Around the years 950-1200 CE, temperature reconstructions show that parts of the Northern hemisphere experienced moderate warming, often referred to as the Medieval Warm Period (MWP) or the Medieval Climate Anomaly (MCA). From roughly 1450-1850 CE, both hemispheres experienced moderate cooling. This became known as the Little Ice Age (LIA). Although these periods are sometimes characterized as proof that modern climate change is a natural fluctuation, that claim is difficult to support. The exact amount, timing and cause of the temperature changes are not agreed upon. Simulations with varying solar intensity and volcanic forcing seem to replicate some of the changes, but are not conclusive. On the contrary, the temperature changes since the industrial revolution are known quite well, along with the solar and volcanic forcings. Those forcings can confidently be rejected as causes for the observed increase in temperature in the past 150 years. The MCA and LIA are examples of natural climate variability, and they do not conflict with our understanding of modern climate change.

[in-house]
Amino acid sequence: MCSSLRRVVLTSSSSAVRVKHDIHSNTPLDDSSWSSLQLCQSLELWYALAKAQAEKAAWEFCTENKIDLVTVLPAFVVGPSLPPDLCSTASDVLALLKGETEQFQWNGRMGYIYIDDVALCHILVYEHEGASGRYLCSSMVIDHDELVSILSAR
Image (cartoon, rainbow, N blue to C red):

Conclusion

To summarize, none of the mechanisms which facilitated previous climate change can explain the rapid rise in both CO2 and temperature observed over the past 150 years. However, human-released CO2 explains both!